The Pinta was captained by Martín Alonso Pinzon, the brother of Vicente. The Pinta was described as a caravel. Caravels were broad-beamed ships that had 3 masts with square sails and a triangular sail. The Pinta was un-decked with cabins and forecastles. The Pinta was about 50 tons and about 45 feet in length



Santa Maria Nina & Pinta Docked in Huelva, Spain

Santa Maria Nina & Pinta Docked in Huelva, Spain

Scale replicas of the Nina, Pinta & Santa Maria are currently docked in La Rabida in Huelva, Spain. La Rábida is where Columbus stayed between 1491-92 waiting for financial backing from the Catholic Monarchs, Ferdinand and Isabella, for his voyage to the New World. If you're interested in Christopher Columbus, this is one of three places to visit around Huelva. The other two are the nearby town of Palos de la Frontera, where Columbus found his crew, and the Convento de Santa Clara in Moguer, which Columbus frequently visited.

The Santa Maria - Flagship of Christopher Columbus Expedition

The Santa Maria - Flagship of Christopher Columbus Expedition

The Santa María de la Inmaculada Concepción, The Imaculate Conception of Mary, was the largest of the three ships used by Christopher Columbus in his first voyage across the Atlantic Ocean in 1492. Her master and owner was Juan de la Cosa. Columbus himself sailed on the Santa Maria.


The Santa Maria de la Inmaculada Concepcion

The Santa Maria de la Inmaculada Concepcion

The Santa María was originally named La Gallega ("The Galician"), because she was built in Pontevedra, Galicia. It seems the ship was known to her sailors as Marigalante, Spanish for "Gallant Mary". Bartolomé de Las Casas never used La Gallega, Marigalante or Santa María in his writings, preferring to use la Capitana or La Nao. The Santa María had a single deck and three masts. She was the slowest of Columbus' vessels but performed well in the Atlantic crossing. She ran aground off the present-day site of Cap Haitien, Haiti on December 25, 1492, and was lost. Realizing that the ship was beyond repair, Columbus ordered his men to strip the timbers from the ship. The timbers from the ship were later used to build Môle Saint-Nicolas, which was originally called La Navidad (Christmas) because the wreck occurred on Christmas Day.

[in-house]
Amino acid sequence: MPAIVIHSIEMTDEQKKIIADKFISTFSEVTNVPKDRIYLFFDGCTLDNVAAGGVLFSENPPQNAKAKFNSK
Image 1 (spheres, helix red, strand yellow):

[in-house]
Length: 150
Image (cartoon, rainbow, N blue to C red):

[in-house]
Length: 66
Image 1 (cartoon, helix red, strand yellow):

Santa Maria (Small) 1402 Spain Santa Maria (Small) 1402 Spain

Copper Pinned Wooden Plank on Frame Model of Museum Quality

Length: 24" (62 cm)
Width: 9" (22 cm)
Height: 18" (46 cm)

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Price:   £300.00 (Euro 348.00)


Santa Maria (Medium) 1402 Spain Santa Maria (Medium) 1402 Spain

Copper Pinned Wooden Plank on Frame Model of Museum Quality

Length: 31" (79 cm)
Width: 11" (28 cm)
Height: 23" (59 cm)

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Price:   £650.00 (Euro 754.00)


Pinta (Large) 1400's Spain Pinta (Large) 1400's Spain

Wooden Hull Glazed with Glass Fibre Laminates

Length: 29" (74 cm)
Width: 8" (19 cm)
Height: 29" (73 cm)

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Price:   £340.00 (Euro 394.40)

LIMITED STOCK Please Use EMail or Phone No. at Bottom of Page to Order. Earliest Availability in OCTOBER 2014.


See Also: Nelson, The Battle of Trafalgar & The Napoleonic Wars

The HMS Victory Ship Models Page

Page dedicated to the HMS Victory, the Battle of Trafalgar and Nelson. Find out about all our models of the HMS Victory and some history about Trafalgar 1805.
Admiralty Ship Model > SANTA MARIA, NINA & PINTA